All of that led to Glasnow getting called up for the first time on July 7 and a second start came on July 23. With Pittsburgh, he didn't have the same kind of success that he had on his way up, giving up six runs (five earned) in 8 1/3 innings. While Glasnow admits that his struggles in the big leagues have clouded his year a bit, he knows he has a lot to feel proud of in 2016.
"Maybe a little bit," Glasnow said, "but my biggest focus this year was trying to be where my feet are. Now that I'm here, I'm just thinking about here. After the season, I think I'll be able to evaluate the season a little bit more."
One thing he can evaluate is his health. Glasnow went down with a shoulder injury that knocked him off of the mound for a while and likely cost him some more big league starts. Any time a shoulder is involved, warning bells can go off, but the 23-year-old dodged a bullet and was able to get back with rest and rehab.
"It's obviously tough, but I guess I can only control what I can control," Glasnow said. "That shoulder injury is behind me now. I'm looking forward to finishing September strong. It was definitely a relief, going in and seeing some guys and finding out it was nothing major. Just some shoulder care and it got better."
One thing Glasnow wants to do is improve his walk rate and overall command. It was one of the few statistical categories that the big right-hander didn't improve this season, as he walked 5.2 per nine in the Minors (up from 4.4 per nine in his career).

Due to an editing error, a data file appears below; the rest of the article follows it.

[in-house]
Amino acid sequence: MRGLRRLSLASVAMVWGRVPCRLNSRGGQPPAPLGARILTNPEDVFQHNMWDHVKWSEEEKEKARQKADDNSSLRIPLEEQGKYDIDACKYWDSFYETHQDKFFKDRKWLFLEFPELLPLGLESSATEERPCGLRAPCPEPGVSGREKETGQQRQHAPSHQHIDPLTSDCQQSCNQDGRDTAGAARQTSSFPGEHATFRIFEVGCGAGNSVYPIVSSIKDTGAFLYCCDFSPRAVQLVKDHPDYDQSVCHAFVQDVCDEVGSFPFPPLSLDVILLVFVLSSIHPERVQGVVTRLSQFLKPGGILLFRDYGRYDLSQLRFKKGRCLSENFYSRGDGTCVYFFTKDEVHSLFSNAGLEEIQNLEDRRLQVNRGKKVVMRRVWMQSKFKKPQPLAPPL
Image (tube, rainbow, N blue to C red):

"I definitely have to work on the consistency," Glasnow said. "I don't want to lose any stuff, the stuff that got me those numbers. I think I need to be able to go out and do it every fifth day. There's obviously going to be some ups and downs, but it has to be a little bit more consistent than it has been."
Glasnow is well aware that the issues are largely physical. It can be more difficult for a pitcher his size to repeat his delivery, which can lead to the command problems he's had at times throughout his career.
"It's getting mechanics that are comfortable that I don't need to consistently think about and work on," Glasnow said. "My biggest thing this year was going into games and not thinking mechanics, just let the athleticism take over. Sometimes that can be a little difficult, but it's been getting easier and easier as I've been doing it more."
Glasnow also knows part of the obstacle for success in the Major Leagues is a mental one. He clearly has the stuff to get hitters out at any level. But even with the gaudy numbers Glasnow has put up, he hasn't always trusted that and he knows he must do that to stick as a starter in the future.
"And being that athletic, hard-throwing pitcher, rather than trying to nitpick and be a spot guy," Glasnow said. "What I've noticed the most is that it really is the same game. The hitters are obviously better, but when you go out there, you try to calm everything down so it feels like a Triple-A or Double-A game. I've only pitched in two games, but knowing that everywhere you go, it's on you. It doesn't matter if it's Rookie ball or the Major Leagues, you just have to go out and be yourself."
Jonathan Mayo is a reporter for MLBPipeline.com. Follow him on Twitter @JonathanMayo and Facebook, and listen to him on the weekly Pipeline Podcast.